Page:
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About Aussies > ASCA Breeders Code of Ethics

ASCA Governing Documents
Source: www.asca.org

The Australian Shepherd Club of America (ASCA) in keeping with its Constitutional aim of breeding for the working ability as well as other outstanding qualities of the Australian Shepherd, has adopted the following Code of Ethics to promote and foster the highest standards among breeders, owners, and fanciers, and to encourage sportsmanship and cooperation in the improvement and advancement of our breed. All members in good standing with ASCA subscribe to and uphold this code.
Each member who breeds his bitch or uses his stud for services should keep accurate records of stock such as stud services, pedigrees, all litters produced, sales of dogs/puppies, all exchanges involving Australian Shepherds for a minimum of five (5) years.
Any member who falsifies a registration or knowingly misrepresents a pedigree should be reported to the ASCA Board of Directors.
A breeder should plan each breeding with the paramount intention of improving the breed.
A breeder should select sire and dam with an eye to conformation, temperament, and working ability with a careful study of the ASCA Breed Standard, pedigrees, and basic principles of genetics.
Before entering into any breeding agreement, a breeder should scrutinize pedigree, conformation and working potentials of both sire and dam keeping in mind the ideal Australian Shepherd as described in the ASCA Breed Standard. He should refuse the breeding if, in his opinion, it is not in the best interest of the breed. Should he refuse the breeding, a full explanation of his reasoning should be given to the owner of the bitch.
A breeder should use for breeding purposes only those individuals free from defects such as monorchidism, cryptorchidism, deafness, albinism and other such disqualifying defects.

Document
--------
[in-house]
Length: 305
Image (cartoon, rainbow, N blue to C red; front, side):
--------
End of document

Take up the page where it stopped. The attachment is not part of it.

He should use only those individuals whose hips have been x-rayed for Dysplasia and rated normal to excellent by a qualified radiologist. (OFA or PennHip)
He should take care to use only dogs whose eyes have been examined and found free from signs of ocular deformities. (CERF)
He should further refrain from using an individual who, although free from the above defects, consistently produced afflicted puppies.
A breeder should maintain high standards of health and care for his dogs and guarantee the health of puppies at the time of sale.
The breeder should be discriminating in the sale of his puppies and concerned with the type of homes in which they are placed. With this in mind, Australian Shepherds shall not be donated for raffles, give-aways, or sold to dog wholesalers or retailers, such as pet shops.
A breeder should provide a minimum six (6) month written guarantee against crippling or handicapping congenital defects on all pet puppies sold and should additionally guarantee the sale of breeding stock puppies against all hereditary defects and any disqualifying faults for a like period. All guarantees should at least provide for replacement of the puppy with another, within a reasonable length of time after return of the puppy originally purchased.
A breeder should transfer all applicable registration papers at the time the purchase agreement is completed and agreeable to both parties.
Upon sale of a dog/puppy, the breeder should provide all buyers with a two (2) or more generation pedigree (if known) including coat, eye color occurrence of a naturally bobbed tail, diet and care information, health guarantee and inoculation record (including date and type of serum.)
A breeder should refrain from releasing a puppy until at least seven (7) weeks old or eight (8) weeks old if the puppy is to be shipped.
The breeder agrees that all advertising of dogs/puppies should be factual and honest both in substance and implication.
The breeder should be cautious in encouraging buyers as to breeding potential, as the breeding of Australian Shepherds is not to be taken lightly.
The exhibiting of dogs being a sport, ASCA members shall be expected to express good sportsmanship in all activities involving the Australian Shepherd.
Members should refrain from unnecessary criticism of another's dog.
As a matter of ethics, the breeder pledges to help educate the general public as well as graciously assist the novice breeder in all with which he is familiar.
Any infractions of the code should be reported, in writing, to the ASCA Board of Directors in accordance with the By-laws.
Only when a breeder continues to deviate from these ideals and is not cooperative in rectifying an error will the situation be presented to the Board of Directors for disciplinary action.

Rev. 15 January 18

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